As well as adding groove or 'feel' to Clips, the new Groove feature offers a highly useful alternative way to apply standard grid quantisation to Clips. Live's traditional workflow for tightening a performance (as opposed to adding groove) is to select notes or audio, then invoke the Quantise command. This operates destructively on MIDI Clips by moving the notes, and by adding Warp markers to audio Clips. The Groove Pool offers a more refined solution. The Groove library contains a folder called Quantise, which stores a number of groove files representing straight notes on a grid. They are groove files with no groove. Applying one of these to a Clip will quantise the notes towards the grid. This has two advantages over using the Edit > Quantise command. Firstly, it's non‑destructive, because it can be removed or adjusted at any time, Secondly, you can adjust the amount of quantisation in real time while listening to the results — a much more Live way of working. .
Most of the time, the results of a groove speak for themselves. However, it can be interesting and useful to see what makes up a groove template (for example, to check whether a groove has any velocity information), and there may even be times when you want to edit a groove. The data in a groove file is basically the same as a MIDI clip. To view a groove, you can just drag its .AGR file onto a MIDI track. You will see a series of notes at C1. The positions of these notes relative to the groove's base grid, and their velocities, determine the timing and dynamics of the groove.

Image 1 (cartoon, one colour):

The screen below is part of the MPC16 Swing‑67 groove file on a MIDI track. This Clip does a good job of showing what is actually meant by 'swing'. Every second 16th note (this is a 16th-based swing) is pushed late. The amount of swing is determined by how late these notes are. The '67 percent' groove is interesting because it's the point where the swung notes give a straight triplet feel; if you change the grid view to triplets you'll see that all the notes are on the grid.